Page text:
Early Settlers and Early Times on Donnels Creek and Vicinity
Clark County, Ohio

by Samuel S Miller 1897

The school district in Bethel neighborhood was organized and a house built in 1821. Frederick MILLER gave the land and Hugh M WALLACE the timber. Mr. J P LEFFEL (died April 7th, 1887, aged 88 years) living south of this city, helped put it up. No tools but an axe and saw were needed. The boards of the floor were left loose so the refractory students scholars could be put under. There are a couple of them yet living that went through early in the 20’s. There were high up benches for large boys and girls, and low down ones for the little ones. The long windows were one light high. This house served for school, lyceum, singing and religious meetings.

It seems that about the year ‘30, the mud and stick chimney fell down and the floor gave way, so that the school-house was not used for awhile. Mr. Peter EBERSOLE remembers of going to a school taught by Henry GAINES, in a vacant shanty on the GAINES’ farm, and also to Wm. JOHNSON, afterward county commissioner, residing at Clifton, O., who taught in the house vacated by David MILLER on the old Miller farm. The walled spring then used was dug into recently by Mr. HEISTAND, while making a ditch. It was covered up with several feet of earth. Books at this time were hard to procure; economy had to be practiced in their use; the letters and even spelling were frequently pasted on paddles, to make them last well. As to clothing, it was no small matter in a large family to have full suits for all. Some were without hats, and some without shoes. One old timer remembers driving up the cows that laid around a hay-stack on the route, warmed his bare feet in their bed, and then heeled it over the frosty ground to the school-house. He tells of another boy coming to school bare-footed in February. When asked why he did so, replied he wanted to save his shoes for Sunday. When the school-house was repaired a stove of the peculiar construction of that day was bought and put in the middle of the room. By taking out an inside plate, a large space was made. Filling this with green sugar and dry brush, a very hot fire was made. No such thing as seasoned cord-wood was known. The wood in long pieces was cut and hauled when wanted, and the teacher and scholars shortened it for the stove. It was a custom also, to make a list of the larger boys who took turns in making fires in the morning. This mud-daubed school-house lasted until 1853, when a brick of improved pattern was erected.

Among the early settlers were the FAIRS. The boys were carpenters and skillful with the broad-axe, helping to make many of the houses and barns in this section between 1820 and ‘30. The father was a shoemaker and lived in a cabin on the site of the residence of the widow of Silas TRUMBO. Mr. KEMP GAINES remembers of timing his trips, so as not to be caught after dark in passing the ruins of the house where the fatal accident of Wm. MCKEE occurred---the path leading near by. Reports were out that the sights that could be seen, and the sounds that could be heard, in that locality after dark were not of a pleasing kind to children. The FAIRS afterward lived between David and John MILLER’s, in a cabin which was there in the ‘40s, and occupied by the ICENBERGERS. It was then like Alice CAREY’s home, when a child......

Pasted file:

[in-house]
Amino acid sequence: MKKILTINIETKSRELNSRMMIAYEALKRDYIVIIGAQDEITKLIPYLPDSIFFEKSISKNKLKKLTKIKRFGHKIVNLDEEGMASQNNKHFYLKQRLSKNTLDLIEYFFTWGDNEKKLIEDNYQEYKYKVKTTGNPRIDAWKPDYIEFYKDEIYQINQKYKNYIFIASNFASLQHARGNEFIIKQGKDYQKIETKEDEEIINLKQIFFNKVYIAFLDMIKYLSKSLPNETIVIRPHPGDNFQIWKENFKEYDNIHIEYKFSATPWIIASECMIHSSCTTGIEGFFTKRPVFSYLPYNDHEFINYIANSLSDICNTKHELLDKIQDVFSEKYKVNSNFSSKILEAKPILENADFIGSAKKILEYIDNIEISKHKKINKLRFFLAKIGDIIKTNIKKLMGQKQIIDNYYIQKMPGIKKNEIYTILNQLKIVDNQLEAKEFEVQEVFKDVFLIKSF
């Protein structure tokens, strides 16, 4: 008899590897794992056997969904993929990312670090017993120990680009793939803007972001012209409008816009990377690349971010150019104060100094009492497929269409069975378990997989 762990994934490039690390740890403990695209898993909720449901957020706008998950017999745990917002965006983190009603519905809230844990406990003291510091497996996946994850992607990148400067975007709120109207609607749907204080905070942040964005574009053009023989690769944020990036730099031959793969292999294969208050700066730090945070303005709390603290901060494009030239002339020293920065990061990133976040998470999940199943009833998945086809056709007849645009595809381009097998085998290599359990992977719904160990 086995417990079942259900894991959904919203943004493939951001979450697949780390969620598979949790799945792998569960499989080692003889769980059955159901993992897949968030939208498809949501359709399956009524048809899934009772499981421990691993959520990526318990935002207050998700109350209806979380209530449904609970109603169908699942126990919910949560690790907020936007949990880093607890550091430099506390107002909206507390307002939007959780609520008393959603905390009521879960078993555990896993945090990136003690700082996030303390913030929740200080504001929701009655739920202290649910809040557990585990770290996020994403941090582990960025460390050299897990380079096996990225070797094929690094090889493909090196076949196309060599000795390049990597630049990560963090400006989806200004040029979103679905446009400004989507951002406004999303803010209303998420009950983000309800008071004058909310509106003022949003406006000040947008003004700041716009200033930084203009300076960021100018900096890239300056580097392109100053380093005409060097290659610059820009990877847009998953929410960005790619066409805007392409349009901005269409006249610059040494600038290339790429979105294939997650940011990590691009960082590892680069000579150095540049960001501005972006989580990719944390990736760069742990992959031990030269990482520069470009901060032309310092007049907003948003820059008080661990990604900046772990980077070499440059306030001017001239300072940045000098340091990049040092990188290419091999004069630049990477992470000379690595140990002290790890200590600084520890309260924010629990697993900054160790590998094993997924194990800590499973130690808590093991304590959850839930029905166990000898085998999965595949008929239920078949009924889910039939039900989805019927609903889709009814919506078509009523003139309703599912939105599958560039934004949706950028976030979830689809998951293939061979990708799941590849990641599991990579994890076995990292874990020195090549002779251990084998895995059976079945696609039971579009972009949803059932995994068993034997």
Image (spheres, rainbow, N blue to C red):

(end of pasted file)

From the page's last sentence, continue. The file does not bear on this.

“Low and little and black and old,
With children many as it could hold”

Wm. FAIR cut his name on a beech tree, near the Bethel school-house, in 1825, and it remained quite distinct for over 50 years, and up to the time the tree was cut down a few years ago. The FAIRS moved to Indiana about 1835, and the writer, with his father, was present at the starting----this being his first sight of the kind. These pioneers moving out into what looked to him like an interminable forest, in the dreary rain, made a lasting impression.

The large families that furnished scholars for the old school-house in the ‘20s, ‘30s and ‘40s, were the WALLACE’s: George, Smith, John, Elizabeth, Ellen, Paulina, Isabella, Angeline, Harvey and Hugh. The GAINES’: Joseph, Kemp, Aaron, Phebe and Mary. EBERSOLE’s: Jacob, Sarah, Joel, Peter and John. ALLEN’s: James, Phebe, Rebecca, Abigail, Sarah and Melinda. MCCOLLY’s: Rosetta, John and Clark. SNIDER’s: John, Jacob, Eli, Valentine, Peter and sisters. Daniel Miller’s: Mary, Delila, Sarah, Leah, Henrietta, Emily, Eliza, Clara, Benjamin and Willis, who was a soldier and fell in battle, and Tyler. The VICORY’s: Nora, widow of Dr. Gillett, and Elizabeth. DONAVIN’s: Aquilla, John and Thomas. ROLLER’s: Samuel, George, Joseph, William, David, Catherine and Mary; William was a soldier in the civil war. John MILLER’s: Harrison, Samuel, Milton, Elizabeth, Catherine and Charity. David MILLER’s: George, Martha, Amanda, Jasper, Smith and Ira were Hundred Day men in the late war. SHELLABARGER’s: (12 of them mentioned elsewhere.) ICENBERGER’s: Nine in number. Anthony LEFFEL’s: David William, Rebecca, Samuel and Harrison. NEFF’s: Elizabeth, Margaret, Joseph and Rosetta. Samuel SMITH’s Sr.: George, Israel, Samuel, Mary, Sarah, Ira, Hezekiah and Rhoda. MCFADDEN’s: John, Elizabeth, Susan, Catherine, Amanda and William. John HARDACRE’s: Elizabeth, Joseph, George and Milton, army boys. Milton fell in battle; Joseph and George were for many years in the Chicago post office, and became superintendent of departments.